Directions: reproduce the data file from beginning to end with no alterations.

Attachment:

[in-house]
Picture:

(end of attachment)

[in-house]
Picture: